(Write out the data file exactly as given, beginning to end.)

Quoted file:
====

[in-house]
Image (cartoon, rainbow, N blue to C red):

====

[in-house]
Image (cartoon, rainbow, N blue to C red):